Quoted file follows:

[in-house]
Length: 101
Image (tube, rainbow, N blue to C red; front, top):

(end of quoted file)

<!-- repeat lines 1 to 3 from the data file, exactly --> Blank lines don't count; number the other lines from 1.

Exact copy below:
[in-house]
Length: 101
Image (tube, rainbow, N blue to C red; front, top):